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There’s a joke amongst cyclists that the ideal number of bikes to own is n+1. It’s funny because it’s true. But part of the attraction is owning a bike that’s uniquely yours. I’ve built, rebuilt, and modified plenty of bikes, but I’ve never tackled a frame. I wasn’t ready to weld.

For several years, the California College of the Arts has offered a bike-building summer course, which I almost took once. It’s expensive, and you enter knowing that your best efforts and intentions will yield something uniquely yours, but that it will fall short in quality compared to one you could buy from Taiwan. (At least, if you’re me you know this.)

Meanwhile, we’re seeing bikes built from wood and bamboo. Oakland, California-based Stalk Bicycles builds bamboo bikes there. A now-closed studio here in San Francisco offered build-your-own bamboo bicycle classes.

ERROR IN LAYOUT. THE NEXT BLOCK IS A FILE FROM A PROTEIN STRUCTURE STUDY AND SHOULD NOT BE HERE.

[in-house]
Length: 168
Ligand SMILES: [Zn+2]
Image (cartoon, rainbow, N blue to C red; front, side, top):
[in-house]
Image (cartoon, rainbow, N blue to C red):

All this is a roundabout way to get to Bamboobee, which is now selling kits. They’ll ship a bunch of bamboo, some fasteners, and a set of instructions. The kit is clever in its setup, with the packaging acting as a sort of template for laying out the frame. The man behind Bamboobee, Sunny Chuah, began selling bamboo bikes in 2013, after riding nearly 4,000 miles across central Asia on one he built (mad props!). In 2014 he released the kit (and ran a successful Kickstarter) because he thought (and we concur) that people would be interested in building their own.

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Then again, why not find your own bamboo? Cut it to size, fashion joints from fiber and epoxy, and cobble together instructions from various YouTube videos. The basics are: Cut your stalks to size, and notch the ends so they’ll fit snugly against the other tubes; wrap the joints in a fibrous material, and layer with epoxy; and then, of course, you have to fit the components, including bottom bracket and headset.

It’s not quite a full set of instructions, but an old video of Michael Mann on BU Today is a good place to start. (Mann kept a much more detailed blog as he built it.) Alternatively, you can machine joints that will accept the stalks rather than creating them with epoxy, or use an old steel frame for its joints. You can even set up a jig, and Instructables has several more guides.

Has anyone out there in makerland built bikes (or other structural projects) with bamboo? What was your experience like?

Photos courtesy of Bamboobee